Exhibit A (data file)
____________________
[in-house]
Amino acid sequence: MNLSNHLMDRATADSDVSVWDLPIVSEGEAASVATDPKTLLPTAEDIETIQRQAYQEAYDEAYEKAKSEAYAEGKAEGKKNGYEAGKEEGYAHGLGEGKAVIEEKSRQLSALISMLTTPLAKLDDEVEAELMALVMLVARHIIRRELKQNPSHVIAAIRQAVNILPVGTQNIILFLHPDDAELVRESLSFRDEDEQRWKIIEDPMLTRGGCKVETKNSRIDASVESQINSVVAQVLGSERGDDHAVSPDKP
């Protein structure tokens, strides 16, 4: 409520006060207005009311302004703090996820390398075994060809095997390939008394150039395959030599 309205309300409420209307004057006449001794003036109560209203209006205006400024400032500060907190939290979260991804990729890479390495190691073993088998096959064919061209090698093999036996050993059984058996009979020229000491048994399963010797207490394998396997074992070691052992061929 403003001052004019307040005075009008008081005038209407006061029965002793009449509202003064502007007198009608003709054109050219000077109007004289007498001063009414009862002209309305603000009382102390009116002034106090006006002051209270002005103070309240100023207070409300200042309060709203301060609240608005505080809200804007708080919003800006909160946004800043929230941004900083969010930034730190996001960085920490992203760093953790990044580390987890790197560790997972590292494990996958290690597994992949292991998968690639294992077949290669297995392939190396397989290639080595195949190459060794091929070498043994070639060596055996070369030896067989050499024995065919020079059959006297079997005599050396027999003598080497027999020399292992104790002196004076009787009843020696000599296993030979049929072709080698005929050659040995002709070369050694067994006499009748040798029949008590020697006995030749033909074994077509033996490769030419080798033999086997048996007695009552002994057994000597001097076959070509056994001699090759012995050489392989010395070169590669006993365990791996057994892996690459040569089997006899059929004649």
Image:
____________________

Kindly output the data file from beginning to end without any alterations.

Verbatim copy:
[in-house]
Amino acid sequence: MNLSNHLMDRATADSDVSVWDLPIVSEGEAASVATDPKTLLPTAEDIETIQRQAYQEAYDEAYEKAKSEAYAEGKAEGKKNGYEAGKEEGYAHGLGEGKAVIEEKSRQLSALISMLTTPLAKLDDEVEAELMALVMLVARHIIRRELKQNPSHVIAAIRQAVNILPVGTQNIILFLHPDDAELVRESLSFRDEDEQRWKIIEDPMLTRGGCKVETKNSRIDASVESQINSVVAQVLGSERGDDHAVSPDKP
């Protein structure tokens, strides 16, 4: 409520006060207005009311302004703090996820390398075994060809095997390939008394150039395959030599 309205309300409420209307004057006449001794003036109560209203209006205006400024400032500060907190939290979260991804990729890479390495190691073993088998096959064919061209090698093999036996050993059984058996009979020229000491048994399963010797207490394998396997074992070691052992061929 403003001052004019307040005075009008008081005038209407006061029965002793009449509202003064502007007198009608003709054109050219000077109007004289007498001063009414009862002209309305603000009382102390009116002034106090006006002051209270002005103070309240100023207070409300200042309060709203301060609240608005505080809200804007708080919003800006909160946004800043929230941004900083969010930034730190996001960085920490992203760093953790990044580390987890790197560790997972590292494990996958290690597994992949292991998968690639294992077949290669297995392939190396397989290639080595195949190459060794091929070498043994070639060596055996070369030896067989050499024995065919020079059959006297079997005599050396027999003598080497027999020399292992104790002196004076009787009843020696000599296993030979049929072709080698005929050659040995002709070369050694067994006499009748040798029949008590020697006995030749033909074994077509033996490769030419080798033999086997048996007695009552002994057994000597001097076959070509056994001699090759012995050489392989010395070169590669006993365990791996057994892996690459040569089997006899059929004649």
Image: